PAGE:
A gaunt old man, thick with whiskers and stricken with dementia, writhes under the covers of his bed. Down the hall, doctors monitor elderly diabetics with recently amputated limbs, medicate terminal cancer patients shuffling by with walkers and tether shivering dialysis patients to blood-cleaning machines.
Despite the pacing guards, the handcuffs and the bars on the windows, the geriatric and medical wing at the Estelle Unit in Huntsville looks more like a nursing home than a maximum-security prison.
Prison doctors routinely offer up the oldest and sickest of these inmates for medical parole, a way to get those who are too incapacitated to be a public threat and have just months to live out of medical beds that Texas’ quickly aging prison population needs. They’ve recommended parole for 4,000 such inmates within the last decade. But the state parole board, which makes the final decision on “medically recommended intensive supervision,” has only agreed in a quarter of these cases, leaving the others to die in prison — and on the state’s dime.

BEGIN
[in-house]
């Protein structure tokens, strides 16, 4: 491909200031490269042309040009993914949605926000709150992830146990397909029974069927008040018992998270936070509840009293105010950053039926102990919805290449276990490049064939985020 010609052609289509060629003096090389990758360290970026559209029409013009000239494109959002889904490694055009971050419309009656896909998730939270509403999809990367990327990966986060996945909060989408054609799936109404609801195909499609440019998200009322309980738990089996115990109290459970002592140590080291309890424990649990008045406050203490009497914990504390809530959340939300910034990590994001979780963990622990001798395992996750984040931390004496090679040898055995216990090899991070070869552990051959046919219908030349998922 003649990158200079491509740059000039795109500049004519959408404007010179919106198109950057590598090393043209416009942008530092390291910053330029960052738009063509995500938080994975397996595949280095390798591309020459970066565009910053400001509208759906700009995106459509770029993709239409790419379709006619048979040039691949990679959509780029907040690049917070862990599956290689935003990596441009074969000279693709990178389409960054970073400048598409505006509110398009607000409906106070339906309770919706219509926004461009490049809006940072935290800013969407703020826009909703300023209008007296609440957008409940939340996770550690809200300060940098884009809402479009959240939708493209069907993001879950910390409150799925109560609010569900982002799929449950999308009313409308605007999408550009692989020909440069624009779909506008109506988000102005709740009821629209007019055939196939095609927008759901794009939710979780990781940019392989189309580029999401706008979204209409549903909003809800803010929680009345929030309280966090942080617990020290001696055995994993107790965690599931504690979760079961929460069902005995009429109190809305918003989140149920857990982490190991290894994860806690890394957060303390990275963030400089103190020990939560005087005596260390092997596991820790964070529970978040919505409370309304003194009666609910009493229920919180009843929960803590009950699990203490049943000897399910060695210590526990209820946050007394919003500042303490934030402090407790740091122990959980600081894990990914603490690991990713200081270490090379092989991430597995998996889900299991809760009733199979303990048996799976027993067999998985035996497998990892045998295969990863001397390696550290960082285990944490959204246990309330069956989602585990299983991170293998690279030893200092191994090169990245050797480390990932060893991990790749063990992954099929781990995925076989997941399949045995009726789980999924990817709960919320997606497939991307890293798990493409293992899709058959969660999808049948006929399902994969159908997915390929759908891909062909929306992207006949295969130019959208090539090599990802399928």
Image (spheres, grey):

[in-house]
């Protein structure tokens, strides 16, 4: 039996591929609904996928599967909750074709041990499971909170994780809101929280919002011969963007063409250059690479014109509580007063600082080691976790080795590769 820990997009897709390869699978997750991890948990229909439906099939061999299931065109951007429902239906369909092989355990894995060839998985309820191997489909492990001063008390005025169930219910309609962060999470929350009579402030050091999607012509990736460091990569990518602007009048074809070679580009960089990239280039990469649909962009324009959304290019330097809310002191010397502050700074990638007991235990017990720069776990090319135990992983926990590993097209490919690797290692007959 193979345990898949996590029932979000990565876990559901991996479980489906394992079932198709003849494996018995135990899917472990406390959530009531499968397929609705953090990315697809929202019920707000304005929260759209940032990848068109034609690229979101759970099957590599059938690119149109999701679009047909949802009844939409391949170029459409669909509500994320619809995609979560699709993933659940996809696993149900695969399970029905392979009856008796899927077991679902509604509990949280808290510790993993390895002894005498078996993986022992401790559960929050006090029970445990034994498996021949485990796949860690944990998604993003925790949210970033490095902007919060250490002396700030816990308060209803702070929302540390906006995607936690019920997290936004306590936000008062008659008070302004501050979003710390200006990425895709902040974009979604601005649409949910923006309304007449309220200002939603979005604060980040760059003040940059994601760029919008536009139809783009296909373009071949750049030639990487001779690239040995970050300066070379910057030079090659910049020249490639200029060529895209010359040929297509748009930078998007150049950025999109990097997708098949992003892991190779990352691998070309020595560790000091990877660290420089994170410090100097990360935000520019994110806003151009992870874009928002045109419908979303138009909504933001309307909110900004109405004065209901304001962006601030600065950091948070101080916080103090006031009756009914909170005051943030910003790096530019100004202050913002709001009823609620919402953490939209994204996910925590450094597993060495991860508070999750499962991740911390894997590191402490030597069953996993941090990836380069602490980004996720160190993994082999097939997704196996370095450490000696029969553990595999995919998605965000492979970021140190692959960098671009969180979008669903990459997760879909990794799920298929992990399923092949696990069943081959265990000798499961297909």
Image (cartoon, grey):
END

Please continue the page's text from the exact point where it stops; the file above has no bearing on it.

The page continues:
Texas’ “geriatric” inmates, classified as those 55 and older, make up just 7.3 percent of Texas’ 160,000-offender prison population. But they account for nearly a third of the system’s hospital costs and make three times as many visits to prison medical departments as younger inmates. Elderly inmates have average annual hospitalization costs of $4,700, compared to $765 for inmates under 55. In total, providing inmate medical care costs the state correctional health care system — already facing hundreds of employee layoffs amid a budget shortfall — nearly half a billion dollars a year.